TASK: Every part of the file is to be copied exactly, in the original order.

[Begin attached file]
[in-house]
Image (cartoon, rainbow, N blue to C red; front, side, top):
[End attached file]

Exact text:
[in-house]
Image (cartoon, rainbow, N blue to C red; front, side, top):